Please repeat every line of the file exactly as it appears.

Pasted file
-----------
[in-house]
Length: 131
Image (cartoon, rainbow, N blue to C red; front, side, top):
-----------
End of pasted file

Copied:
[in-house]
Length: 131
Image (cartoon, rainbow, N blue to C red; front, side, top):